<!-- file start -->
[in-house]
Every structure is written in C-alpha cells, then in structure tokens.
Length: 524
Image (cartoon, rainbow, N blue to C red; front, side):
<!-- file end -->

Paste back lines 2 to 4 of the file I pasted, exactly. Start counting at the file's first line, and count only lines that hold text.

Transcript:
Every structure is written in C-alpha cells, then in structure tokens.
Length: 524
Image (cartoon, rainbow, N blue to C red; front, side):